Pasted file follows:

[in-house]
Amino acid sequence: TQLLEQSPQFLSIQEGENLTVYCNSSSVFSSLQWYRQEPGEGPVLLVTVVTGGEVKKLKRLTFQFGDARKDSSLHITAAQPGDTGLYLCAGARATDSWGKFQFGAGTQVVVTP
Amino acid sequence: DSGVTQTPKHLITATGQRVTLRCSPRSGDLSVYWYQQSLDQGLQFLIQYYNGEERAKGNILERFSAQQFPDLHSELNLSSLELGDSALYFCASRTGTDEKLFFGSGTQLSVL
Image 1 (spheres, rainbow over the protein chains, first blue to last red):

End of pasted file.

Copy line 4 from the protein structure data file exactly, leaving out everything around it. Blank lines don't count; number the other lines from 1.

Image 1 (spheres, rainbow over the protein chains, first blue to last red):